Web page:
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  9.  34
    Peter Vuust & Chris D. Frith (2008). Anticipation is the Key to Understanding Music and the Effects of Music on Emotion. Behavioral and Brain Sciences 31 (5):599-600.
    There is certainly a need for a framework to guide the study of the physiological mechanisms underlying the experience of music and the emotions that music evokes. However, this framework should be organised hierarchically, with musical anticipation as its fundamental mechanism.
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  10.  14
    Karl J. Friston, Rebecca Lawson & Chris D. Frith (2013). On Hyperpriors and Hypopriors: Comment on Pellicano and Burr. Trends in Cognitive Sciences 17 (1):1.
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  11.  8
    Sean A. Spence & Chris D. Frith (1999). Towards a Functional Anatomy of Volition. Journal of Consciousness Studies 6 (8-9):8-9.
    In this paper we examine the functional anatomy of volition, as revealed by modern brain imaging techniques, in conjunction with neuropsychological data derived from human and non-human primates using other methodologies. A number of brain regions contribute to the performance of consciously chosen, or ‘willed', actions. Of particular importance is dorsolateral prefrontal cortex , together with those brain regions with which it is connected, via cortico-subcortical and cortico-cortical circuits. That aspect of free will which is concerned with the voluntary selection (...)
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  12.  14
    Mikkel Wallentin & Chris D. Frith (2008). Language is Shaped for Social Interactions, as Well as by the Brain. Behavioral and Brain Sciences 31 (5):536-537.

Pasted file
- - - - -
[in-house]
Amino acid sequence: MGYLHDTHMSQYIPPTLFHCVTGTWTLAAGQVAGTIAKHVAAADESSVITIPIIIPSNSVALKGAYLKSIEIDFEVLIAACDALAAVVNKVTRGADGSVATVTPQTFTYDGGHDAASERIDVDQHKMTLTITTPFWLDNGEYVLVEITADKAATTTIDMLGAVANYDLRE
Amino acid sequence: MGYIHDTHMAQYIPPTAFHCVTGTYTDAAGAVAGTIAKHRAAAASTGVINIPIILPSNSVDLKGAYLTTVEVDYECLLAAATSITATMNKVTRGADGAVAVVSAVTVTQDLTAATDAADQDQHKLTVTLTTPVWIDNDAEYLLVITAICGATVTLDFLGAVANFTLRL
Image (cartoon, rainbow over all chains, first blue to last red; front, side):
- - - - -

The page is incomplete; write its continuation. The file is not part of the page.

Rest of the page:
Language learning is not primarily driven by a motivation to describe invariant features of the world, but rather by a strong force to be a part of the social group, which by definition is not invariant. It is not sufficient for language to be fit for the speaker's perceptual motor system. It must also be fit for social interactions.
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  13.  88
    Alexandra Zinck, Sanne Lodahl & Chris D. Frith (2009). Making a Case for Introspection. Behavioral and Brain Sciences 32 (2):163-164.
    Defending first-person introspective access to own mental states, we argue against Carruthers' claim of mindreading being prior to meta-cognition and for a fundamental difference between how we understand our own and others' mental states. We conclude that a model based on one mechanism but involving two different kinds of access for self and other is sufficient and more consistent with the evidence.
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  14.  18
    Chris D. Frith (2009). Free Will Top-Down Control in the Brain. In Nancey Murphy, George Ellis, O. ’Connor F. R. & Timothy (eds.), Downward Causation and the Neurobiology of Free Will. Springer Verlag 199--209.
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  15.  14
    Kamila E. Sip, Andreas Roepstorff, William McGregor & Chris D. Frith (2008). Response to Haynes: There's More to Deception Than Brain Activity. Trends in Cognitive Sciences 12 (4):127-128.
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  16.  2
    Chris D. Frith (2008). The Social Functions of Consciousness. In Lawrence Weiskrantz & Martin Davies (eds.), Frontiers of Consciousness. Oxford University Press 225--244.
  17. Deborah Talmi & Chris D. Frith (2011). .
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  18. Deborah Talmi & Chris D. Frith (2011). Neuroscience, Free Will, and Responsibility. In . 124--133.